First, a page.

Seymour’s Desk

Anyone who looks at my desk at work or at home would be correct in thinking that I don’t like to file and organize my papers.   I only do so under duress, or when I want to make a good impression on a new client or house guest. I am proud to say that no matter how messy my desks look, I know where everything is.  I lose things when I tidy up. Husband tries to keep his things filed and organized, and invariably can’t find things when he looks for them.

The other day I  looked at the pile of papers on my home office desk and realized that it resembled the piles of papers I saw on the desk of one of my favorite graduate school professors.  Seymour was a prodigious pack rat, and threw piles of papers on his desk until he couldn’t see over them.  (He was an incredibly short man, so the pile didn’t have to be too high to obscure his vision.)  I was always amazed when I went to his office and asked for a paper I had written for one of his classes the previous semester, and how he knew exactly what layer the paper was at, and that he could retrieve it from the pile without knocking all the other papers over.

Seymour was a wonderful psychologist and a very funny man.  He spoke in a thick Bronx accent and a slight lisp.   Once he got flustered in court and referred to a Canadian judge of Queen’s Bench  as “Your Majesty” when giving expert testimony.   I believe he is still alive, in his late 80’s or 90’s.  I wonder how high the paper pile  on his is desk now?

What is your organizational style?  

17 thoughts on “Seymour’s Desk”

  1. Rise and Shine Baboons,

    My style is “i hate filing.” My early career job as a file clerk was a disaster.

    I have not been around much lately here–things are very busy and we have had some losses in our world. Lou’s oldest, dearest friend died last Sunday, then a colleague of mine in Rochester died of ovarian cancer Saturday. All while we await a kidney donation for my work colleague’s daughter as she gets sicker. She now has kidney dialysis three times per week. All of this has been so difficult.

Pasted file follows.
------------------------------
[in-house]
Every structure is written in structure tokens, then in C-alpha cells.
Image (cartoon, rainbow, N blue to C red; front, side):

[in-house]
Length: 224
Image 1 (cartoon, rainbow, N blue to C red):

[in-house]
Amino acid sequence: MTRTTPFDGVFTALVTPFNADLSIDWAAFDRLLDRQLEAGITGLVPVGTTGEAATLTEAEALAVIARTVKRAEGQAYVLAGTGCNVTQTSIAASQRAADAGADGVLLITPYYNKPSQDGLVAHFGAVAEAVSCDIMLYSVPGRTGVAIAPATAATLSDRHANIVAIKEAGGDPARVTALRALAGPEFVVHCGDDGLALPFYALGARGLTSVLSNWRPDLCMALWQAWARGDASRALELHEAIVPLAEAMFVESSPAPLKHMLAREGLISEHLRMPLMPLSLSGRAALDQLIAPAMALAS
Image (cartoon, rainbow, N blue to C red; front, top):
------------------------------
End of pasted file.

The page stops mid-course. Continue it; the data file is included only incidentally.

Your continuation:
I am fine, just sad and pressed for time. I have a teaching gig this week, too. At least the snow is gone and tulips are up.

    Liked by 5 people

    1. It might interest you, Jacque, that Seymour worked for a couple of years with Salvador Minuchin at the Philadelphia Child Guidance Clinic.

      Liked by 1 person

  2. My style I guess would be “straight piles”. I have these all over the house, waiting either to be read or decided upon, or to be put in their appropriate place, etc. If they get too messy I straighten them. I know where things are with this exception: I’m learning that if I remove something to a “better” location, I often don’t remember where that is.

    OT: I’m headed out of town later today for a couple of days, to an aunt’s funeral – see you Friday, baboons, if not before.


    1. I have that problem with the “better” locations, too. Every organizational initiative I launch has the paradoxical result of making me lose more stuff.


  3. My style is pretty well organized in my head but not so great at keeping a neat desk. I inherited “post-it note syndrome” from my father, who is the king of sticking post-it notes everywhere to remind himself to do something or to help him remember whatever.

    I do have a lot of files, and keep a lot of stuff that most people would have tossed. I always think, “I just might need that five-year-old receipt someday for some stupid reason.”

    The ultimate compliment is when my wife actually enters my office and sits for a minute. That means the clutter has been reduced to an acceptable level where she won’t go screaming from the room.

    Chris in Owatonna

    Liked by 2 people

    1. I can relate. While remodeling the office (on ongoing process) I had stuff piled on the loveseat in there. My wife was really pleased when it got to a point I could take the stuff off itand she could once again sit in there.

      Liked by 1 person

  4. My style is to have less stuff so it’s easier to deal with. I do things like group like things together and, as much as possible, near where they’re used. Just like nobody I know stores kitchen stuff in their bedroom, but in the kitchen, it’s best to store things near where they’re used. And if they’re not being used, then ask yourself why you have it.